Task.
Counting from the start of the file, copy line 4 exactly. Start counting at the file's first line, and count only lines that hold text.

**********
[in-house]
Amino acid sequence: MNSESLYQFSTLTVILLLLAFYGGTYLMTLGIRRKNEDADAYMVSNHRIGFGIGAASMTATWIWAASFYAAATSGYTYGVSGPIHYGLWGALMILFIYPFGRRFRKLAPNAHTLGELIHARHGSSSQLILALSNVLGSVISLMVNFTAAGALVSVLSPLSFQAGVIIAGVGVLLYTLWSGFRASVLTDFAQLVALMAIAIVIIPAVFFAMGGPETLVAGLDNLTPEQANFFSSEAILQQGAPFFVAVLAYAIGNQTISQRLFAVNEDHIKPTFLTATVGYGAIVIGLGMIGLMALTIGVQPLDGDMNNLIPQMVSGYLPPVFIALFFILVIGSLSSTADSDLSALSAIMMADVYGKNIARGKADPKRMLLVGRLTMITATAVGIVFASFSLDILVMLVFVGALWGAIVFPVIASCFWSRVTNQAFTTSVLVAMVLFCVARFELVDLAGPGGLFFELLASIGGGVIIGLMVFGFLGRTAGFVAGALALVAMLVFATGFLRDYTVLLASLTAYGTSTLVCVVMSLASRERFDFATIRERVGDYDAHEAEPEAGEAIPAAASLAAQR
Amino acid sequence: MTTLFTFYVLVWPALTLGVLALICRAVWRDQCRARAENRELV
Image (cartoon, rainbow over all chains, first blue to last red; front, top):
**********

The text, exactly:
Image (cartoon, rainbow over all chains, first blue to last red; front, top):